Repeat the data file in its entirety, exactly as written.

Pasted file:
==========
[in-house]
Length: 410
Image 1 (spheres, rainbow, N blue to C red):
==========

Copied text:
[in-house]
Length: 410
Image 1 (spheres, rainbow, N blue to C red):